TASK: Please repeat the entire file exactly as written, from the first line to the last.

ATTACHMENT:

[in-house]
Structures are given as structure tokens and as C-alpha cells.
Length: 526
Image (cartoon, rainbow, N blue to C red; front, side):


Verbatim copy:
[in-house]
Structures are given as structure tokens and as C-alpha cells.
Length: 526
Image (cartoon, rainbow, N blue to C red; front, side):